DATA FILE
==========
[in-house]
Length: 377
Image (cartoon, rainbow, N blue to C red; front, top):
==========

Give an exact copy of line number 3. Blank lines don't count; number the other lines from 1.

Image (cartoon, rainbow, N blue to C red; front, top):